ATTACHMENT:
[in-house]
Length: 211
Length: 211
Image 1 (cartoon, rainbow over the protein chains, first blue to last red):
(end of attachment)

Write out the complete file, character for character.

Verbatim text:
[in-house]
Length: 211
Length: 211
Image 1 (cartoon, rainbow over the protein chains, first blue to last red):